I want the new gnu street. I'm thinking I want the 152, but possibly 154. leaning towards the 152 because I ride an old gnu 150-252 hasshaulff camber board. IT has 114 effective edge. It feels good to me but i want to get a playfull fun board. I am riding with my two boys this year teaching them to ride. 9 and and 8 year old I just want to play on smaller jumps fun boxes butters and stuff. Do you think the 152 street is going to be too small for me since its a rocker board. iT has 116 effective edge which is two more cm then the camber board i ride now. or should I go 154 with 118 effective edge? i am between 180 185 pounds with a size 11 shoe.

thanks for your time
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post #219 of 326 (permalink) Old 12-02-2013, 10:46 AM Thread Starter
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Hi,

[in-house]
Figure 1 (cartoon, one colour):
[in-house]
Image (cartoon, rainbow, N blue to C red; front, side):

There would be no advantage to the 152 at your specs. As always, we highly suggest that you take tip to tip board length out of your buying decision and focus only on the intended rider for the model you are considering. You are either right at or over the max rider weight for the 152 (the board will best perform as intended when you are centered in the range). You are best centered on the 157 cm size in this model.


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post #220 of 326 (permalink) Old 12-02-2013, 01:02 PM
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Originally Posted by Wiredsport View Post
Hi,

There would be no advantage to the 152 at your specs. As always, we highly suggest that you take tip to tip board length out of your buying decision and focus only on the intended rider for the model you are considering. You are either right at or over the max rider weight for the 152 (the board will best perform as intended when you are centered in the range). You are best centered on the 157 cm size in this model.
Cool thanks for that, Good info

Last edited by rcboxer; 12-02-2013 at 01:24 PM.